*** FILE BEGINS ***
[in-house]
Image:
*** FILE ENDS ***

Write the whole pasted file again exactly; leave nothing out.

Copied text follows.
[in-house]
Image: